The Portuguese Republic is located in South-Western Europe, on the Iberian Peninsula, and it is the westernmost country of mainland Europe, being bordered by the Atlantic Ocean to the west and south and by Spain to the north and east. The total area of the country is 92,212 km2 (35,603 square miles) and in 2012 Portugal had an estimated population of 10,487,289.
Portugal established itself as an independent kingdom in 1139. In the 15th and 16th centuries, Portuguese sailors helped establish the first global empire and the country became one of the world's major economic, political and military powers. In the 20th century Portugal experienced political and economic turmoil along with the decolonization of its overseas territories.
Portugal is a very homogenous country in terms of ethnicity and religion. In 2011, the religious affiliation of the Portuguese population was as follows: Roman Catholic, 81%; Other Christian, 3.3%; Other Religions, 0.6%; No Religion, 6.8%; and Undeclared, 8.3%.
Mennonite presence in Portugal began spontaneously when a young Mozambican student in Lisbon, Miguel Anelo Jardim, happened upon David Augsburger's book, Free to Forgive. This book gripped Jardim to the point that he sought more information about Mennonites. He began corresponding with the London Mennonite Centre and Mennonites in Brazil. Jardim visited the Mennonites in Brazil and was baptized by Theo Penner in 1985.
Back in Portugal, Jardim began gathering a small group of like-minded people and this became the core of the new Mennonite church. The first official worship service was held on 31 August 1986, and a short time later the first three people were baptized.
There were over a million refugees in Portugal (1986) from former Portuguese colonies in Africa. In November 1985 Greet Lodder from The Netherlands (sponsored by Mennonite Central Committee and the International Mennonite Organization [IMO]) began working with African refugees at Amadora near Lisbon. Her work received spiritual assistance from the new Mennonite church. In July 1986 IMO and MCC began making plans to expand the project at Amadora to include small agricultural developments for the refugees. A West German television program telling the story of the church and the refugee work of Greet Lodder aired 4 April 1987.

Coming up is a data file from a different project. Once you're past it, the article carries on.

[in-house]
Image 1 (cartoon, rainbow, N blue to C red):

The Mennonite Brethren decided in January 1986 to begin church planting in Loures, a suburb of Lisbon. The Mennonite Board of Missions (Mennonite Church), in the spring of 1987, investigated the possibility of mission work in the country. Efforts by IMO to coordinate the work of various conferences and agencies began in 1986.
Between 2000 and 2020 the following Anabaptist group was active in Portugal:
|Associação dos Irmãos Menonitas de Portugal||2||35||5||150||6||170|
Brücke (October 1986): 151.
Mennonite Reporter (11 May 1987): 2.
Mennonite World Conference. "2000 Europe Mennonite & Brethren in Christ Churches." Web. 27 February 2011. [broken link].
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Mennonite World Conference. "Europe." Web. 27 February 2011. [broken link].
Mennonite World Conference. "Global Map: Portugal." Mennonite World Conference. Web. 7 April 2021. https://mwc-cmm.org/global-map.
Mennonite World Conference. "World Directory: Europe." Web. 13 June 2010. [broken link].
Mennonite World Conference. World Directory = Directorio mundial = Répertoire mondial 2012: Mennonite, Brethren in Christ and Related Churches = Iglesias Menonitas, de los Hermanos en Cristo y afines = Églises Mennonites, Frères en Christ et Apparentées. Kitchener, ON: Mennonite World Conference, 2012: 15.
Wikipedia. "Portugal." 18 May 2014. Web. 19 May 2014. https://en.wikipedia.org/wiki/Portugal.
|Date Published||April 2021|
Cite This Article
Sawatzky, Reynold. "Portugal." Global Anabaptist Mennonite Encyclopedia Online. April 2021. Web. 18 Apr 2021. https://gameo.org/index.php?title=Portugal&oldid=171141.
Sawatzky, Reynold. (April 2021). Portugal. Global Anabaptist Mennonite Encyclopedia Online. Retrieved 18 April 2021, from https://gameo.org/index.php?title=Portugal&oldid=171141.
Adapted by permission of Herald Press, Harrisonburg, Virginia, from Mennonite Encyclopedia, Vol. 5, p. 717. All rights reserved.
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